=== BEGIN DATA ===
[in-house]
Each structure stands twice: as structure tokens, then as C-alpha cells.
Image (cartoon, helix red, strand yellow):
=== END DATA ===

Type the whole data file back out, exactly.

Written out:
[in-house]
Each structure stands twice: as structure tokens, then as C-alpha cells.
Image (cartoon, helix red, strand yellow):